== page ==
SAN DIEGO — Ahead of another storm, a crew with the city of San Diego got out the heavy equipment to push and scoop tons of vegetation and debris out of a storm drain channel along Chateau excursion in Clairemont.
“It was definitely overgrown in that channel,” said Anthony Santacroce, a city spokesperson.
According to Santacroce, the city has around 220 storm drain channels to keep an eye on — with year-round planning and permitting to allow crews to clear as many as possible.
“We keep tabs — we know the conditions of all our storm channels. We know this one needed work and we’re taking our opportunity ahead of the rains to go ahead and do the emergency work that needs to be done here,” Santacroce said.
Crews say that without clearance, the vegetation in the Clairemont channel could have clogged the drain when rain falls Friday and in larger storms to come — possibly leading to flooding, hill erosion and all sorts of problems for nearby residents and the community.
“Our storm water system is not like our waste water system. There’s no micro-filtration — at all event goes down in our system, ends up in our ecosystem, ends up in our waterways,” Santacroce said.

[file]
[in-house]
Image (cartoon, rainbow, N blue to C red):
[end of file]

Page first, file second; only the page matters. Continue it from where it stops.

With the rainy season now here, residents are being reminded – with just a little work – there’s a lot they can do to help.
“We count on the residents to do that same stuff on the micro. Sweep up your curbs, clean up around character, make sure stuff doesn’t get washed out to curb that can get into our storm drain system, pollute our beaches, bays, creeks and get stuck in our infrastructure and cause flooding,” Santacroce said.
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